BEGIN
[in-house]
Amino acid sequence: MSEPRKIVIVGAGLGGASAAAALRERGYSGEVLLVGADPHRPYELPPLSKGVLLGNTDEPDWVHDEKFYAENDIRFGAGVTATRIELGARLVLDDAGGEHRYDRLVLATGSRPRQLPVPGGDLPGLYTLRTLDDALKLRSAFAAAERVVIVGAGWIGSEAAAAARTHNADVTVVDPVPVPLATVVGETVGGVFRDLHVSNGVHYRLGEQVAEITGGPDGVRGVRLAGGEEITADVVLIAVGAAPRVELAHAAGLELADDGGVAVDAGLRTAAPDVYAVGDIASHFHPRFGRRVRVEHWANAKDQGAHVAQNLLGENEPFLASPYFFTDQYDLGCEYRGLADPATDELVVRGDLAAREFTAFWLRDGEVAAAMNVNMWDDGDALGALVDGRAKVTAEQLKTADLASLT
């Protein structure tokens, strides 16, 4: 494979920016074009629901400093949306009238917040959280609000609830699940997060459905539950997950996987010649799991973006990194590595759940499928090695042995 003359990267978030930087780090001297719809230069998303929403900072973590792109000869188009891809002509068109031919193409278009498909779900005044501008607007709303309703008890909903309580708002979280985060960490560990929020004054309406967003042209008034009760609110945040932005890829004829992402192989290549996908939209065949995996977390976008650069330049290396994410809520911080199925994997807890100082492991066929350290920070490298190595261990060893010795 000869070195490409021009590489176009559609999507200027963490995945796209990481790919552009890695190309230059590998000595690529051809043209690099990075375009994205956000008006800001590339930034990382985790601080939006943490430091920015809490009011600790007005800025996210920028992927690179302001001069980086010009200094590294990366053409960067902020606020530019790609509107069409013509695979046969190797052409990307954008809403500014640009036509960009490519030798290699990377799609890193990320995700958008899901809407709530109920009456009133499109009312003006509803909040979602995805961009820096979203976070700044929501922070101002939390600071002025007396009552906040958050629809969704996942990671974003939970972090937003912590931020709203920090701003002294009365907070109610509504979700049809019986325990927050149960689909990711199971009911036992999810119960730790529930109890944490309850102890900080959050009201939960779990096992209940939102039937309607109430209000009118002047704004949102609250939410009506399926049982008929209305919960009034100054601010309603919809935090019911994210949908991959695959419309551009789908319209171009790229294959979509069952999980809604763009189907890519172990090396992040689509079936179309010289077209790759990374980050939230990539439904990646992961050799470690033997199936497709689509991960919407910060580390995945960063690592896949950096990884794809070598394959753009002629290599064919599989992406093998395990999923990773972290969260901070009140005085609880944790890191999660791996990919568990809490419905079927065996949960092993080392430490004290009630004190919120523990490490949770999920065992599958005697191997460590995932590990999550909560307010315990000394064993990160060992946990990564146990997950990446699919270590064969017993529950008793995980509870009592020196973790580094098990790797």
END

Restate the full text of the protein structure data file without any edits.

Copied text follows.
[in-house]
Amino acid sequence: MSEPRKIVIVGAGLGGASAAAALRERGYSGEVLLVGADPHRPYELPPLSKGVLLGNTDEPDWVHDEKFYAENDIRFGAGVTATRIELGARLVLDDAGGEHRYDRLVLATGSRPRQLPVPGGDLPGLYTLRTLDDALKLRSAFAAAERVVIVGAGWIGSEAAAAARTHNADVTVVDPVPVPLATVVGETVGGVFRDLHVSNGVHYRLGEQVAEITGGPDGVRGVRLAGGEEITADVVLIAVGAAPRVELAHAAGLELADDGGVAVDAGLRTAAPDVYAVGDIASHFHPRFGRRVRVEHWANAKDQGAHVAQNLLGENEPFLASPYFFTDQYDLGCEYRGLADPATDELVVRGDLAAREFTAFWLRDGEVAAAMNVNMWDDGDALGALVDGRAKVTAEQLKTADLASLT
């Protein structure tokens, strides 16, 4: 494979920016074009629901400093949306009238917040959280609000609830699940997060459905539950997950996987010649799991973006990194590595759940499928090695042995 003359990267978030930087780090001297719809230069998303929403900072973590792109000869188009891809002509068109031919193409278009498909779900005044501008607007709303309703008890909903309580708002979280985060960490560990929020004054309406967003042209008034009760609110945040932005890829004829992402192989290549996908939209065949995996977390976008650069330049290396994410809520911080199925994997807890100082492991066929350290920070490298190595261990060893010795 000869070195490409021009590489176009559609999507200027963490995945796209990481790919552009890695190309230059590998000595690529051809043209690099990075375009994205956000008006800001590339930034990382985790601080939006943490430091920015809490009011600790007005800025996210920028992927690179302001001069980086010009200094590294990366053409960067902020606020530019790609509107069409013509695979046969190797052409990307954008809403500014640009036509960009490519030798290699990377799609890193990320995700958008899901809407709530109920009456009133499109009312003006509803909040979602995805961009820096979203976070700044929501922070101002939390600071002025007396009552906040958050629809969704996942990671974003939970972090937003912590931020709203920090701003002294009365907070109610509504979700049809019986325990927050149960689909990711199971009911036992999810119960730790529930109890944490309850102890900080959050009201939960779990096992209940939102039937309607109430209000009118002047704004949102609250939410009506399926049982008929209305919960009034100054601010309603919809935090019911994210949908991959695959419309551009789908319209171009790229294959979509069952999980809604763009189907890519172990090396992040689509079936179309010289077209790759990374980050939230990539439904990646992961050799470690033997199936497709689509991960919407910060580390995945960063690592896949950096990884794809070598394959753009002629290599064919599989992406093998395990999923990773972290969260901070009140005085609880944790890191999660791996990919568990809490419905079927065996949960092993080392430490004290009630004190919120523990490490949770999920065992599958005697191997460590995932590990999550909560307010315990000394064993990160060992946990990564146990997950990446699919270590064969017993529950008793995980509870009592020196973790580094098990790797």